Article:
Katie will be missed.  The other kitties were looking around for her last night.  I could tell they knew something was amiss.

Tuesday, January 22, 2013

They Grow Up So Fast

My niece, age 13, going to the Father-Daughter Dance at school last week.  When we moved here, she was just a toddler.

Monday, January 21, 2013

Last Quote For A While...

I promise I will return to regular blogging after this.  I saved this quote for last because it is the most relevant for me at this time in my life.

"Now more than ever do I realize that I will never be content with a sedentary life, that I will always be haunted by thoughts of a sun-drenched elsewhere."
Isabelle Eberhardt

Sunday, January 20, 2013

Quote For The Day 3

I think this quote is a logical follow-up to the one I posted yesterday:

"Travel is fatal to prejudice, bigotry, and narrow-mindedness, and many of our people need it sorely on these accounts.  Broad, wholesome, charitable views of men and things cannot be acquired by vegetating in one little corner of the earth all one's lifetime."
Mark Twain

Saturday, January 19, 2013

Quote For The Day 2

This is one of my all-time favorite quotes: 

Friday, January 18, 2013

Quote For The Day

I don't have much to say today, so I will quote someone who says it better than I could.  I think I will post more of my favorite quotes in days to come.

This one is from Bertrand Russell:

"The trouble with the world is that the stupid are cocksure and the intelligent are full of doubt."

I also noticed when I posted this that this is my 1,000th post!  I think I will have a glass of something to celebrate.

Wednesday, January 16, 2013

Medicare? What's That? I'm Too Young!

To me, Medicare was always somewhere in the future.  It was for older people.  Like Scarlett O'Hara, I would think about it tomorrow.  Then my husband lost his job.  No more employer sponsored health insurance!  Suddenly I had to get serious about Medicare.  I wasn't quite prepared for that, because he had planned to retire later.

Medicare Part A is automatic; they send you a card when you turn 65.  There are no premiums to pay.  It covers hospitals.  Then you need Part B, which isn't automatic; you have to sign up for it.  You also have to pay for it.  If you are receiving Social Security, they deduct it from your check.  Then there is Part D, which also requires you to pay a premium. There are plans you can buy from private insurance companies to cover what Medicare doesn't pay. There are Advantage plans and Supplement plans.  Of course, they charge premiums too.

The maze begins when you have to decide which coverage you need and which coverage you can best afford. There are charts that show about a dozen different plans, what they will pay and how much they cost.  It's a bit overwhelming.  It's not easy to predict what your needs will be in the future, so you make an educated guess.

It's shocking to realize you have come to a different stage in your life.  It's no longer possible to tell yourself you are a middle aged person.  You get lumped into a category called "seniors".  Ack!  I wasn't ready for this.

Sunday, January 13, 2013

The HGTV Effect?

The house I grew up in had one bathroom.  It was shared by the whole family.  My father established a "bathroom schedule" and posted it on the door.  We each had ten minutes in the morning.  When our ten minutes was up, we had to be out so the next person could go in.  Heaven help the daughter who took longer than her ten minutes!  My parents' bedroom was a little bigger and had a double closet with a sliding door.  There was no such thing as an "en suite" then, no attached bathroom.  They shared the one hall bathroom with the rest of us.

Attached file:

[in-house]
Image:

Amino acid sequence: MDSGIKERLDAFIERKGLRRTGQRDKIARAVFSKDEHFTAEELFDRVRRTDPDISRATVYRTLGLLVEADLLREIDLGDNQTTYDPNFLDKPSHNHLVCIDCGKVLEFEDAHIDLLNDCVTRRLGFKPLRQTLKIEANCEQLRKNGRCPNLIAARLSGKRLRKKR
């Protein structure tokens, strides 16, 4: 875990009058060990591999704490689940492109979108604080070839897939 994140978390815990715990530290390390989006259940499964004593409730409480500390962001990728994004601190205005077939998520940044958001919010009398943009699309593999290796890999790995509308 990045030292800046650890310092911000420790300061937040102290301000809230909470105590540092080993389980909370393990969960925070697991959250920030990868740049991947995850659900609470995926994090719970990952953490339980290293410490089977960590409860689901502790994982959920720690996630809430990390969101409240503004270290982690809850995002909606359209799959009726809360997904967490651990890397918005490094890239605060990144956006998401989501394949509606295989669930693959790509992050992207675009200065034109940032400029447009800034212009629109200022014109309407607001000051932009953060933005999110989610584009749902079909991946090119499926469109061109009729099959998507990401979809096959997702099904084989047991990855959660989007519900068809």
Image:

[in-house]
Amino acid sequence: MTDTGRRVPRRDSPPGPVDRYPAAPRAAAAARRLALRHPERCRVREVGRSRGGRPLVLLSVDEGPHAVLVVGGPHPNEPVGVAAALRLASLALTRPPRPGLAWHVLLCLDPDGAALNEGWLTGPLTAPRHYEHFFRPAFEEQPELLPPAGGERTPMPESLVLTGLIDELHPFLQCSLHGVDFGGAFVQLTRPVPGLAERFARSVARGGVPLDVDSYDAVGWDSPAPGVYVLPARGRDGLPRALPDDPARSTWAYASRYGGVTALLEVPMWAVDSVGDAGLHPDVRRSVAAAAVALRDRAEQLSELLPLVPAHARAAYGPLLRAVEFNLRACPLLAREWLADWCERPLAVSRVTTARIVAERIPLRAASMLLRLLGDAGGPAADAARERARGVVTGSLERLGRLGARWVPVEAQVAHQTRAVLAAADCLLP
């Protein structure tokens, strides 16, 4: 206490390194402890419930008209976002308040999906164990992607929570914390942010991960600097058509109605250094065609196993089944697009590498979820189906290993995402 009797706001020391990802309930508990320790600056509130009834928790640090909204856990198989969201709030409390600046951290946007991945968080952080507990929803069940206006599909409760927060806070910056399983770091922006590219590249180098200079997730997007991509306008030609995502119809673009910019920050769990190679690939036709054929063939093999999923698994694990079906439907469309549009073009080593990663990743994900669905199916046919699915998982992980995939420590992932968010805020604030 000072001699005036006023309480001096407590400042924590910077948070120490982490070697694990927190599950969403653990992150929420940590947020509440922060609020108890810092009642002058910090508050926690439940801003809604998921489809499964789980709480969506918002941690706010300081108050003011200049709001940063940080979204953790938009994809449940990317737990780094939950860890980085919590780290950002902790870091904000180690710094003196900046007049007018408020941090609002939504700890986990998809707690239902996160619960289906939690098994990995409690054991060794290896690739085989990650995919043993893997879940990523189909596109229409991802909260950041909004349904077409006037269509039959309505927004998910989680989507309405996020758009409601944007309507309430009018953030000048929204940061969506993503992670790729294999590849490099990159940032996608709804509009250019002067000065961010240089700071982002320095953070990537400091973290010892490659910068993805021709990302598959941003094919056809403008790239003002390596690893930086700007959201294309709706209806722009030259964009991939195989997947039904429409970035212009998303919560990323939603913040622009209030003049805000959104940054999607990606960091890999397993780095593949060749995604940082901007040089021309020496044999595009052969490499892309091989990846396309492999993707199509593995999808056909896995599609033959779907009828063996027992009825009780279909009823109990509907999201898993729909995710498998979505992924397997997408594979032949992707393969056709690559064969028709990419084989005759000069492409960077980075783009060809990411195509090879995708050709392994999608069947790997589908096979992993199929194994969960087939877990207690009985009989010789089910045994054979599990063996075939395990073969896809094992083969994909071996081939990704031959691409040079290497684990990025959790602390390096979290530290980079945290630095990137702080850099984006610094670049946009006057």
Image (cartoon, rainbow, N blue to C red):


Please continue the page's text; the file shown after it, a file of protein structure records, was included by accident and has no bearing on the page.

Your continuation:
I shared a bedroom with my sister.  We each had a twin bed and one small dresser.  There wasn't room for more. Our closet was tiny, just about the width of the single door, with a shelf on top.  We each had one half of the closet. Our clothes were jammed in so tightly that it was a struggle to put anything in or take anything out.  My two younger sisters also shared a room.  They had bunk beds, one dresser and one desk.

The rest of the house consisted of a living room, dining room and kitchen.. that's it.  No family room or extra room at all.  My father read in the living room.  We watched TV in the living room.  We listened to music in the living room. We did our homework in the dining room.  We were always on top of each other.  If one wanted to escape, one went and sat on the porch swing on the front porch.

I don't remember so much fuss being made about kitchens in those days.  The floor was linoleum and the counters were Formica.  The cupboards were painted metal, and the appliances were either avocado green or mustard yellow.  For my mom the kitchen was just a place to cook.  For people these days, I think it can be a status symbol. Why else make such a fuss about what the finishes are?

When I was first married, we lived in a series of apartments.  Buying a house was out of the question when we were just starting out.  The apartments were spartan, with tiny kitchens and metal closet doors.  One especially depressing one was in a basement.  When finally buying a house, we pretty much accepted them the way they were.  It never occurred to us to knock down walls, rip up flooring, or gut the kitchen.  We used the appliances that came with the house.

Eventually, when I was in my forties, my husband and I bought a house that we loved.  It had large rooms, high ceilings, crown molding, a separate family room, and two and a half bathrooms.  Our bedroom had an attached bath and a walk-in closet.  We even had three fireplaces!  We loved that house.  We kept the floor coverings it came with, the curtains it came with, and the appliances it came with.  We didn't change much; we just moved our furniture in and were happy.  When we sold that house to a young couple, of course they planned to change everything!